• master licensees;
  • advertisements for security activities;
  • retailers selling security equipment;
  • employee licences; and,
  • crowd control records.

Legislation covered in inspections

Access Canberra inspectors take an educative approach when conducting inspections and in instances where non-compliance is identified, voluntary compliance is encouraged. In instances where inspectors find that non-compliance is of a serious nature or that licensees continue to engage in activity that breaches legislation, appropriate compliance action is taken in accordance with the Access Canberra Accountability Commitment.

Program outcomes

Access Canberra identified a number of non-compliant issues, including:

  • apprentices not acquiring temporary licences in accordance with section 26 of the Security Industry Act 2003;
  • security master licensees trading as sole traders also carrying out security activities without holding employee licences;
  • unlicensed retailers selling or installing security windows and doors; and,
  • lapsed licences.

The focus that Access Canberra placed on this industry, by raising awareness and encouraging compliance amongst security providers, resulted in a positive impact. The outcomes of this review after Access Canberra engagement indicate that the level of compliance in the security industry is about 94%.

Areas all security personnel need to focus on

  • Security apprentices to hold temporary licences before engaging in the security activities.
  • Security master providing crowd control activities to maintain crowd control records (sign-in register and incident records).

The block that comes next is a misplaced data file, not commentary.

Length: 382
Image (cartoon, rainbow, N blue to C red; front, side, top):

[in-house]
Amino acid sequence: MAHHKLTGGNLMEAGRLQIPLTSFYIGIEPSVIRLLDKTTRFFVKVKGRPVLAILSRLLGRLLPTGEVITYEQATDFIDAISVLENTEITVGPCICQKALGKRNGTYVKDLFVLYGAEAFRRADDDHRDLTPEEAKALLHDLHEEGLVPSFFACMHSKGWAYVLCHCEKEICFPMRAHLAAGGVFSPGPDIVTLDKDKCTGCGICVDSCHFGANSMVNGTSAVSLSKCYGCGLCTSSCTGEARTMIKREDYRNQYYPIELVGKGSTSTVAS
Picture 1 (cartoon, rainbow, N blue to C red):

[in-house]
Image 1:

• Master licensee to ensure only licensed employees are deployed in the security activities.
  • Avoid licence lapsing by starting renewal process with Access Canberra as soon as practicable.
  • Businesses or individuals who sell, install, maintain, monitor, repair or service security equipment that are prescribed under section 8 of the Security Industry Regulation 2003 and are not self-installed to hold appropriate class of licence before engaging in any of the security activities.

ACT Master licensees no longer required to display licence number in advertising

In October 2014 the ACT Legislative Assembly passed the Red Tape Reduction Legislation Amendment Act 2014. This Act amends the Security Industry Act 2003 so that it is now no longer a requirement for a person who advertises a security service to include their license number in the advertisement.

Small Business Self Assessment Checklist

Following World Consumer Rights Day on Friday 15 March, The Office of Regulatory Services has launched an online tool to help small business comply with consumer protection law.

“The Small business self assessment checklist was designed to help traders understand how the Australian Consumer Law (ACL) applies to their business activities, and to better understand their obligations when dealing with consumers” said ACT Commissioner for Fair Trading, Brett Phillips. [more]



ACT Portable Long Service Leave Scheme from 1 January 2013

The ACT Portable Long Service Leave Scheme comes into effect from 1 January 2013, with the first installments due in March 2013.

The scheme will apply to all security manpower employees. After 1 January 2013 security workers in the ACT will be able to keep accruing long service leave entitlements, even if they move between employers in the security industry, through a portable long service leave scheme. [more]

ACT Security Licensing Changes from 27 September 2012

The ACT Office of Regulatory Services has produced the following fact sheets on the new licensing changes.

Security Industry Licensing Changes from 27 September 2012

Disqualifications under the Security Industry Act 2003

A copy the presentation is attached for members information. ORS SPAAL Presentation 18 July 2012